It’s fairly obvious that, this far into his career, M. Night Shyamalan is making films that lend credence to subjects traditionally seen as childish. So, as The Sixth Sense was a mature ghost story, Unbreakable is his ultra-realistic look at comic-book heroics. In a dark, olive-drab Philadelphia, David Dunn (Bruce Willis) cranks out an unfulfilled existence as a stadium security guard, unloved by his wife (Robin Wright Penn), unknown by his son. It’s only after David survives a fatal train disaster — and after frequent, cryptic run-ins with the brittle Elijah Price (Samuel L. Jackson) — that he learns the secret of his identity.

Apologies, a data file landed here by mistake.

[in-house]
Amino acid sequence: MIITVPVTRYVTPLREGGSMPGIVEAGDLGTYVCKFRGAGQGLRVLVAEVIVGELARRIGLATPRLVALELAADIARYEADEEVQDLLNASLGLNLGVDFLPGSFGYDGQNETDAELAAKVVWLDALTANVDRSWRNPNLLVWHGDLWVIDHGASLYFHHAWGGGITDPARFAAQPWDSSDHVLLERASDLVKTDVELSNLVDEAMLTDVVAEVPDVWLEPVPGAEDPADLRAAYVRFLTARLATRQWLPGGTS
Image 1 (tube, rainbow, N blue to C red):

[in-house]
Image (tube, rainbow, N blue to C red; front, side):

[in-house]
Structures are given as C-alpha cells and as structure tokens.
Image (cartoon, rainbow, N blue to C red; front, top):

There are moments in Unbreakable that reveal Shyamalan as a natural storyteller — he seems as sure of himself as Spielberg was on his fourth film — but there are also moments that reveal the limitations of his style. One of the crucial elements of comic-book lore is that beat where the hero learns of his power and is joyously transformed by it — Clark Kent’s first giddy flight — and Shyamalan’s dour demeanor deprives us of that vicarious thrill. And his insistence on the jaw-dropping twist ending, in this case, robs us of what could have been another great 20 minutes of story, or better yet, the makings of a sequel. Instead, we get an abrupt, Dragnet kicker that would have been edited out of any decent comic.